But let’s return to Freud who has shed enormous insight on the psychologically dangerous aspects, especially for the immature boy, regarding the boy’s relationship with his father as formulated in Freud’s Oedipus complex. Freud returned repeatedly to the consideration of violence and competitiveness underlying the relationship between fathers and their sons through the concept of the “primal horde.”

“From the beginning of time, sons have coveted what their father’s had — although always fearful of his power and ability to castrate and kill — and were willing to band together to take, through violence if necessary, the progenitor’s power and possessions (Colarusso, 2005).”

So, here it becomes interesting because one might begin to understand the targeting of female individuals and how electronic torture may play into masculine narcissism in the thwarting of the “progenitor’s power” and “the taking or destroying of possessions” and this hints towards obstructing another man’s sense of power if the female object is “destroyed” and yet some how is allowed to survive as Winnicott theorized (Winnicott, 1971). If sons have always coveted their father’s possessions then, and I as a female Object could be considered a possession, then this might explain the act of electronic targeting. Another aspect of hate, humiliation, and masculinity is the sense of defeat in being humiliated by another male.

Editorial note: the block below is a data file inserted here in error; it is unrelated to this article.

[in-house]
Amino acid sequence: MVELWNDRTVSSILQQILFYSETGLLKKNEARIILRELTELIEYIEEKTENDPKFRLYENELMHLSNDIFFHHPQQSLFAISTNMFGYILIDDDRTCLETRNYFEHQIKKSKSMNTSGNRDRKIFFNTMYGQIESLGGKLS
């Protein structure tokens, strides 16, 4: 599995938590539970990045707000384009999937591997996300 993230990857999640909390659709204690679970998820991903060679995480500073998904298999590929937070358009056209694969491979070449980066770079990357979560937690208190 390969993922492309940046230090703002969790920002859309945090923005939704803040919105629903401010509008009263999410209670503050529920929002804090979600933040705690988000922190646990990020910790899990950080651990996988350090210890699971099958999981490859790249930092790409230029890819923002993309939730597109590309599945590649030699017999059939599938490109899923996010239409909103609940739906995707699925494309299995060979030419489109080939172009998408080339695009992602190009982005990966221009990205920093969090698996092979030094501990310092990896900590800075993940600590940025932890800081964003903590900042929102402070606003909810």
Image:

Sources:

Balsam, Rosemary. (2012). Women’s Bodies in Psychoanalysis. East Essex, Canada. Routledge.

Chodorow, Nancy. (2012). Hate, Humiliation, and Masculinity. In Individualizing Sexuality and Gender: Theory and Practice. New York. Routledge, Taylor & Francis Group. (pp. 121 –136).

Chasseguet-Smirgel, Janine. (1984) A Re-Reading of Little Hans. In Creativity and Perversions. London. Free Association Books. (pp. 35 –43).

Colarusso, Calvin A. (2005). The Evolution of Paternal Identity in Late Adulthood. Journal of the American Psychoanalytic Association, 53(1), 51–81.

Fox, James Alan and Fridel, Emma E., Ph.D. (2017). Gender Differences in Patterns and Trends in U.S. Homicide, 1976 0 2015. Violence and Gender. Vol. 4, №2.

Freud, Sigmund. (1905). “Three essays on the theory of sexuality.” Standard Edition, Volume 7. London. Hogarth Press.

Freud, Sigmund. (1924). “The dissolution of the Oedipus complex.” Standard Edition. Volume 19. London. Hogarth Press.

Holmes, Lucy. (2008). The Internal Triangle: New Theories of Female Development. New York. Jason Aronson.

Winnicott, D.W. (1971). “The use of the Object and relating through identifications.” In Playing and Reality. Harmondsworth. Penguin, 1980.

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Victim of gang stalking & electronic torture. I write about feminism and gender difference. Email: TheSpeculumOfTheOther@yahoo.com

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Karen Barna

Karen Barna

Victim of gang stalking & electronic torture. I write about feminism and gender difference. Email: TheSpeculumOfTheOther@yahoo.com